Boston’s Black Apollo
Ground-breaking show at Gardner explores artist-model relationship
Last week, the Isabella Stewart Gardner Museum made Boston art history with the opening of their show “Boston’s Apollo: Thomas McKeller & John Singer Sargent.” Running through May 13, this is the first show in the museum’s 117-year history that has centered on images of a black man. It’s also the first time that all three rotating galleries are reflecting on the same theme: race.
“Boston’s Apollo” explores the relationship between famed portrait and mural artist John Singer Sargent and Thomas McKeller, the black man who modeled for and worked with Sargent for eight years. Few Bostonians know it, but McKeller can be seen in famous artworks all across Boston, including the Sargent murals at the Museum of Fine Arts and at Harvard’s Widener Library. Shortly before his death in 1925, Sargent gave the Gardner a number of sketches of McKeller. Those sketches have never been put on view, until now.
At the entry of the show, archival selections, including letters from McKeller, illustrate the intensive research behind the exhibition. There is very little information available about McKeller’s life, but any and every corner of Boston was scoured by the exhibit collaborators in an attempt to piece together a portrait of the model that delves deeper than oil and turpentine. “That story has been told many times from John Singer Sargent’s perspective. I wanted to tell the story through Thomas McKeller’s eyes,” says Nathaniel Silver, William and Lia Poorvu curator of the collection.
The collaboration between Sargent and McKeller resulted in one of Sargent’s only full male nudes. The striking piece, on loan from the MFA, depicts McKeller not as a model for a Greek god, but as himself. But that masterwork is alone in a sea of preparatory sketches where McKeller models for what will become a mural full of white bodies. In “Study for Apollo in Classic and Romantic Art for the Rotunda of the Museum of Fine Arts, Boston,” viewers can see point-blank how McKeller’s face, in the upper right hand corner, is altered to look white in the sketches of Apollo below.
“When you can visually see someone’s identity being erased, as an African American in this country it’s hard not to have a visceral reaction to that,” says Theo Tyson, Polly Thayer Starr Fellow in American Art at The Boston Athenæum and a community collaborator for the Gardner show. The relationship is further complicated by the implicit power dynamic at play between artist and model, when the artist has both physical and observational control over the subject.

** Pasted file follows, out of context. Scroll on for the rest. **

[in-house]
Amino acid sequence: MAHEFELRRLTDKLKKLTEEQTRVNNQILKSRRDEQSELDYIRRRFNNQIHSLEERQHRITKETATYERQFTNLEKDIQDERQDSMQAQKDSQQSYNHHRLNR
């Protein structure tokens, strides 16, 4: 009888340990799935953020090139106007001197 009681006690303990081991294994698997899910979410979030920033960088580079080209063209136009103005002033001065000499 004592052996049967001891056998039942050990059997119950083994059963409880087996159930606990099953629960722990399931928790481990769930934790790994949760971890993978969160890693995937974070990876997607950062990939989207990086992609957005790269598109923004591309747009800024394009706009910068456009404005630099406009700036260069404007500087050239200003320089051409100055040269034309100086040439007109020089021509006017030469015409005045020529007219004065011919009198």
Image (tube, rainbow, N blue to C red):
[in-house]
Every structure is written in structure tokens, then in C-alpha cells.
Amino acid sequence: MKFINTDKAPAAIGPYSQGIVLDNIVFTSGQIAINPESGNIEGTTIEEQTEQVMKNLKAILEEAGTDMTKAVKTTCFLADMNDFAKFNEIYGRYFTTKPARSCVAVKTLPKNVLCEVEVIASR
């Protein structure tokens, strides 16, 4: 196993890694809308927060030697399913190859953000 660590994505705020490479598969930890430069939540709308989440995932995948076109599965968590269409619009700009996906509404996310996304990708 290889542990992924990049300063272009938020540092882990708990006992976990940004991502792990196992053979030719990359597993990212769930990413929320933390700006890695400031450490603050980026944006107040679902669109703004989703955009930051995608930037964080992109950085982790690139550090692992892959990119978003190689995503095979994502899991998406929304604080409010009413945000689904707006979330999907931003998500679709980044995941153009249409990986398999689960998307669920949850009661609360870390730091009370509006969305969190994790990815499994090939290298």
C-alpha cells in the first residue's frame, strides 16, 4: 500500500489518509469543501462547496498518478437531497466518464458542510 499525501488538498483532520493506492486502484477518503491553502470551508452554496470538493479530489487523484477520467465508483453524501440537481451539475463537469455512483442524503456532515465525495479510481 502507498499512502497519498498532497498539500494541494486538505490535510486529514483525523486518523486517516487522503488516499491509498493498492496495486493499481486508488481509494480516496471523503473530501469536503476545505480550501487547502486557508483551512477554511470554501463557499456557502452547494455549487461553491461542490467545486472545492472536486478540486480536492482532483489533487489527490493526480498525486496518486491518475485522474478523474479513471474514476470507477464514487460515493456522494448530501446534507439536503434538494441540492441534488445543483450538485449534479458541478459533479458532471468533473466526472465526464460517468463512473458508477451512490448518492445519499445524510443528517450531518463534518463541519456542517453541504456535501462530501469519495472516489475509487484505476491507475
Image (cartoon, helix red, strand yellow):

Though there is evidence that McKeller was paid, most likely on retainer, it’s hard to tell how that stacks up to the compensation of Sargent’s white models. In one of the letters on view, McKeller wrote to Sargent’s executor after his death asking for money to pay off a loan. He received $10. Sargent received $40,000 as a partial payment for the MFA murals that McKeller posed for. The economic disparity illustrates another dynamic in the complicated relationship between artist and model.
In tandem with “Boston’s Apollo,” two other concurrent exhibits explore the black experience: Lorraine O’Grady’s exterior installation, “The Strange Taxi: Stretched” and Adam Pendleton’s site-specific work “Elements of Me” on view in the Fenway Gallery inside the historic museum.
Visiting Curator of Performing Arts Helga Davis and Director of Public Programs Catherine Morris have created a strong lineup of arts events around the show, including, a musical composition inspired by Thomas McKeller’s letters and performed by opera powerhouse Davóne Tines.
Collaboration with Boston’s black arts community was crucial to the success of “Boston’s Apollo,” and fortunately, the exhibition reads like a Who’s Who of the city’s black art scene. Almost every piece is paired with a personal response by a community collaborator, and collaborators Stephen Hamilton, Chanel Thervil, Kadahj Bennett, Destiny Polk and many others provide standalone commentary at the beginning of the exhibit.
“Boston’s Apollo” is both a love letter to the black body and an analysis of the exploitation of it. Rooted in a fascinating historic relationship, the exhibition brings together the contemporary arts community in a celebration of black life unprecedented at the Gardner.